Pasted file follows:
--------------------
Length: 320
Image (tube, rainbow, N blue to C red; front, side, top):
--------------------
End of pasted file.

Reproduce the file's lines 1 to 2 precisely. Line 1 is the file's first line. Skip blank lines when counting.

Length: 320
Image (tube, rainbow, N blue to C red; front, side, top):